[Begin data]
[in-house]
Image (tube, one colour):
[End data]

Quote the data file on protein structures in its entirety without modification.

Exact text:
[in-house]
Image (tube, one colour):